San Quentin prison cracks down after Newsom revamp plans, insiders say

San Quentin State Prison
Currently and formerly incarcerated individuals say the future direction of San Quentin State Prison is a source of tension with correctional officers at the facility right now.Craig Lee/The Examiner

In the past week, people incarcerated at San Quentin haven’t left their cells for anything but twice-daily meals, occasional doctor’s appointments and shared showers every other day.

Those incarcerated at California’s oldest and most notorious state prison, and their advocates, say San Quentin has been locked down since May 16 in response to Gov. Gavin Newsom’s announced intention to transform it into a rehabilitative center. California corrections officials told The Examiner that the prison was not locked down, but was operating under a “modified program” as part of an annual search.

This change has followed a paring down of the prison’s offering of rehabilitative programs, currently and formerly incarcerated people said, as well as escalating harassment and abuse from correctional officers at the facility.

The alleged lockdown and mistreatment stand in stark contrast to the state’s emphasis upon rehabilitation and restorative justice and comes as the governor is championing the prison’s proposed transformation into what he hopes will serve as a model for the rest of the U.S., which has the highest incarceration rates in the world.

San Quentin State Prison, located about 20 miles outside of San Francisco in Marin County, houses about 3,300 incarcerated people on the water’s edge. It’s still home to more than 500 condemned prisoners, who will be moved into general prison populations elsewhere following Newsom’s order to dismantle the country’s largest death row by 2024.

The California Department of Correction and Rehabilitation told The Examiner that Newsom’s administration has “created an ambitious timeline and vision to transform San Quentin.”

The plan has engendered skepticism from lawmakers and the state Legislative Analyst’s Office. Both have said the $380 million plan is light on specifics regarding how the money will be spent and what a rehabilitation center would actually entail.

But people currently and formerly incarcerated at San Quentin say the strongest resistance is coming from the inside — specifically, from the prison’s acting warden and its correctional officers.

State prison officials and people incarcerated at San Quentin agree that cell searches began on May 16. That’s where the agreement ends.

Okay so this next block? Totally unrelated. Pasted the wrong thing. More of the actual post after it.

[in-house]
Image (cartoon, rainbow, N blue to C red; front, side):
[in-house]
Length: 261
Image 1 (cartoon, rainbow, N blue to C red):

One currently incarcerated person, who asked not to be named for fear of retaliation, and another formerly incarcerated person called it a lockdown. Two members of Newsom’s San Quentin Transformation Advisory Council and Norwegian prison officials were scheduled to visit the prison that day, the person incarcerated there said.

As part of the alleged lockdown, the person said they’re released for breakfast, dinner and — just three times a week — for showers. Otherwise, they can only leave for doctors’ visits, and their cells are routinely searched. Their only contact with the outside are prison-provided

internet-enabled tablets, which the person told The Examiner made them “feel safer to know that they’re here.”

The person said that unlike previous lockdowns, prison staff has provided no explanation as to what triggered it. Corrections officers started searching prison cells this month, and the incarcerated person told The Examiner that this amplified the belief among San Quentin’s population that “there’s certain factions within the prison trying to stop the progress (of Newsom’s announcement) from happening.”

“Honestly, it’s defeating and depressing,” the person said. “It feels like you’re being trapped and punished, and although that’s prison, that’s the job of the prison, I think this is an extra layer where they’re reminding you about this instead of trying to help you heal so that you can heal once you get out.”

A state corrections spokesperson told The Examiner there was no such tour scheduled for May 16 and said there is a modified program in place that “can still allow the population to shower, work and receive medication.”

“This action was not a lockdown, which restricts any and all movement in an identified area, facility, or entire prison,” the spokesperson said in an email.

San Quentin’s public information officer couldn’t be reached for comment prior to publication. The California Correctional Peace Officers Association didn’t respond to a detailed list of questions.

San Quentin’s restrictions have effectively ended all rehabilitative programming, the incarcerated person said, potentially violating state law. The prison was well-known for its programs prior to the COVID-19 pandemic, which currently and formerly incarcerated people told The Examiner led to significant reductions in those offerings over the last three years.

Restoring Our Original True Selves — a weekly class known as ROOTS that aims to teach Asian American and Pacific Islander history through an ethnic studies curriculum — hasn’t resumed. Kid C.A.T, a rehabilitative program for people who have been incarcerated since they were children, is only just ramping back up.